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Re: [Xen-devel] Essay on an important Xen decision (long)

On Tue, 2006-01-10 at 11:26 -0800, Magenheimer, Dan (HP Labs Fort
Collins) wrote:
> 1) P==M: The guest is given a subset of machine memory that it
>    can access "directly".  Accesses to machine memory addresses
>    outside of this range must somehow be restricted (but not
>    necessarily disallowed) by Xen.
> 2) guest-aware p!=m (P2M): The guest is given max_pages of
>    contiguous physical memory starting at zero and the knowledge
>    that physical addresses are different than machine addresses.
>    The guest must understand the difference between a physical
>    address and a machine address and utilize the correct one in
>    different situations.
> 3) virtual physical (VP): The guest is given max_pages of
>    contiguous physical memory starting at zero.  Xen provides
>    the illusion to the guest that this is machine memory;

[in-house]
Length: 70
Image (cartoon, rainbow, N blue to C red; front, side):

>    any physical-to-machine translation required for functional
>    correctness is handled invisibly by Xen.  VP cannot be used
>    by guests that directly program DMA-based I/O devices
>    because a DMA device requires a machine address and, by
>    definition, the guest knows only about physical addresses.
> Xen/x86 and Xen/x86_64 use P2M, but switch to VP (aka "shadow
> mode") for an unprivileged guest when a migration is underway.
> Xen/ia64 currently uses P==M for domain0 and VP for unprivileged
> guests.  Xen/ppc intends to use VP only.
> There is an architectural proposal to change Xen/ia64 so that
> domain0 uses P2M instead of P==M.  We will call this choice P2M
> and the choice to stay on the current path P==M.

So ia64 dom0 physical 0 is machine 0? Where does Xen live in machine

PowerPC exception handlers are architecturally hardcoded to the first
couple pages of memory, so Xen needs to live there. Linux expects it is
booting at 0 of course, so dom0 runs in an offset physical address

The trouble then comes when dom0 needs to access IO or domU memory;
obviously dom0 must have some awareness of the machine space.
Accordingly, I'm thinking I'm going to need to install p2m tables in
dom0, and once they're there, why not have domU use them too?

Hollis Blanchard
IBM Linux Technology Center

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